What can you do to combat Pregnancy Brain? Try to anticipate the important activities that populate your schedule and religiously update your smart phone with calendar entries. This is the best time to set alarms and alerts for meetings and doctor’s visits so you can avoid missing anything important. If you’re going to the grocery store, make a quick list to follow so you won’t remember that you missed picking up a gallon of milk when you’re already halfway home. Even if you’re normally the multi-tasking queen, try and finish one project before moving onto the next. Not only will this help you slow down and not feel overwhelmed (emotions and hormones have a nasty way of compounding stress), but you’ll feel in control of your schedule and life.

Just remember: Pregnancy Brain is real and afflicts many pregnant moms-to-be just like yourself. So take it easy on yourself and try to give yourself plenty of time to accomplish each task at hand. Your brain will go back to normal once your baby is born, so it’s not as if you’ll be finding your keys in the freezer on a routine basis! The full night’s rest might not return as quickly, though.

Do you remember suffering from Pregnancy Brain? Share your stories in the comments!

Getting Pregnant in your 40s: What to Expect

Getting Pregnant in your 40s: What to ExpectChances are, you’ve met or know a first-time mom in her 40s. A few decades ago, this was not as common as it is today. While overall fertility has not changed for a woman living in her 40s, the fertility treatments available to women who want to start a family later in life are more effective than before. Are you considering a late start to your own family? We’ve got some facts and insights into what pregnancy and raising a baby in your 40s will be like if that’s the path you want to follow.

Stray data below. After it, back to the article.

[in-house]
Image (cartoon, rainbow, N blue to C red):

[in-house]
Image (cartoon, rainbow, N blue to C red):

When you reach your 40th birthday, your chances for naturally getting pregnant have decreased heavily from your earlier years. It’s a startling statistic, but less than 1 percent of women 40-44 have babies. Conceiving without the help of hormone therapy depends largely on your overall health, fitness, and if you’re trying for your first baby. To increase the likelihood of getting pregnant in your 40s, make sure to practice good eating habits and exercise regularly. These aren’t pregnancy guarantees, but being healthy will not lessen your chances. You’re more likely to develop gestational diabetes or experience issues with hypertension during pregnancy, so practicing good habits and taking nutritional supplements (folic acid!) will help keep issues at bay.

If you do get pregnant and deliver in your 40s, it will be harder for your body to return to its former state than before. Sagging breasts, stretch marks—these are unavoidable body changes for moms at any age, but you’ve already lost a lot of elasticity due to age. If you’re struggling to conceive naturally, approach a doctor about donor eggs and other fertility options sooner rather than later, because after 45 your chance for conceiving through IVF drops significantly. Miscarriage rates increase as you enter your 40s, so talk to your doctor about progesterone hormone therapy or other ways to try and maintain a healthy pregnancy.

What other factors do you bring to the table as a more mature mother—by your 40s, you’re at a financially more sound point than you were in your 20s (no more Ramen for dinner!) and you have a deep pool of personal experience to draw patience for parenting. You’ve given yourself time to grow into your own person, most likely with a stable, long-lasting marriage or partnership, and you’re able to offer your child more comprehensive stability. While you might not be as energetic as a younger mom, your feathers will not be as easily ruffled by tense, emotionally-draining situations, simply because you’ve lived through more experience.